Preprimary & Primary Education
Preprimary Education: The government of Taiwan has vaguely recognized the desire for early childhood education since 1902, but it was not until 1981 that an Early Childhood Education Law was finally enacted to develop kindergarten programs. Until quite recently, preprimary or kindergarten education in Taiwan was predominantly part of the private school system. As recently as 1968, private kindergartens outnumbered public ones by a 3 to 1 ratio. But today there is near-parity between the number of private and public kindergarten facilities. In 1998, there were 2,849 registered preschools (or kindergartens), compared to only 28 in the early 1950s.
Primary Education: Primary, or elementary, education consists most specifically of the six-year course of study for students aged 6 to 12. However the new "stage one/stage two" model also includes the three-year course of study for students aged 12 to 15, which is provided by the government free of charge. In conformance with the Compulsory Education Law regarding access to schools, nearly all of the elementary and junior high schools in Taiwan are public schools (2,540 elementary and 719 junior highs in 1997). Also in 1997, approximately 1.9 million students attended elementary school, resulting in an average of just over 750 students per school, and nearly 1.1 million students attended junior high school, resulting in an average of nearly 1,495 students per school.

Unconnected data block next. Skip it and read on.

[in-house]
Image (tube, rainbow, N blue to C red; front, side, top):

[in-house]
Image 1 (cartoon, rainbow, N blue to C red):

One of the government's major concerns regarding primary education has been the goal of upgrading the qualifications of elementary school teachers. Until 1960, most teachers in primary education were products of three-year normal school programs. In that year, the three-year programs were expanded to five-year programs, with the institutions becoming designated as junior teachers' colleges. Then, in 1987, all nine of Taiwan's junior teachers' colleges were elevated to the status of four-year teachers' colleges. As such, they became accountable for developing strategies for upgrading the qualifications of currently working teachers who were trained in the past. These newly designated colleges generally contain a core of at least four departments: elementary education; language and literature education; science and mathematics education; and social science education. Among the additional special departments that can be represented are music, arts and crafts, physical education, and special education.
Recent reforms at the elementary school level have led to the introduction of new teaching methods, curricula, and textbooks, as well as to more liberal standards. For example, since 1996, the MOE has permitted elementary school administrators to select their own textbooks. Also, general Chinese history has been de-emphasized in favor of Taiwanese history and culture, as well as world history topics.
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